Not only is cardio a good way to supplement a consistent workout routine, it can be used as a mental tool to help prepare yourself for the day ahead or to unwind, unplug and get away from the world around you - if for only a few fleeting moments.
But what kind of cardio is right for you? Let’s go over two popular forms and the pros and cons of each.
Steady state is any form of cardio where you maintain a steady intensity for a set period of time.
OUR RECOMMENDED ROUTINE:
Go outdoors, fill your lungs with fresh air and walk briskly for 30-45 minutes. A good rule of thumb is to walk just fast enough where you can carry on a conversation without running out of breath.
If the great outdoors aren’t an option then jump on a bike, elliptical or treadmill. If you’re on the tread we recommend 30-45 minutes at 7.5-10% incline while walking 3.5-4mph.
DAYS PERFORMED A WEEK: 3-5 (first thing in the morning or immediately following workouts)
PROS OF STEADY STATE:
CONS OF STEADY STATE:
H.I.I.T. - or High Intensity Interval Training - is any form of cardio activity that alternates periods of higher intensity with periods of lower intensity.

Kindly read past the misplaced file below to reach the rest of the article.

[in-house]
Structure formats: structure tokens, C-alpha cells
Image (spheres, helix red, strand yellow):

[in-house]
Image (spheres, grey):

OUR RECOMMENDED ROUTINE:
We typically perform HIIT on an ‘off-day’ (one where we won’t be performing a workout) and also after we’ve eaten. As the name implies HIIT is high-intensity and we wouldn’t recommend performing it while fasted as it would be counterproductive.
Try and find a park, a track or somewhere with plenty of space and warm-up by briskly walking for a minute or two in addition to performing some lower body mobility. Next, begin H.I.I.T. with an all out sprint for 20 seconds. Follow this up with 40 second active rest (walking at a slow pace) and you’ve just completed your first round. Repeat this process over and over again. 20 seconds sprinting all out, 40 seconds active rest. For those new to H.I.I.T. we recommend up to 10 rounds total to get a feel for it and for those who are more comfortable with the routine we recommend 15-20 rounds.
Don’t have a park or open area? You can also perform it in the gym on a rowing machine, battle ropes or by utilizing bodyweight exercises such as mountain climbers.
DAYS PERFORMED A WEEK: 1-3 (typically performed on off-days from the gym)
PROS OF HIIT:
CONS OF HIIT:
This is a common question to which you’ll give an easy answer - whichever you prefer. For us personally we’ll stick with steady state (either fasted first thing in the morning or immediately following our workout) and throw in a H.I.I.T. here and there on our days off from the gym.
For 30 days I tried to eat and workout like a competition bodybuilder while logging every day in extreme detail along the way. Turns out it's just as hard as I thought it'd be, and more!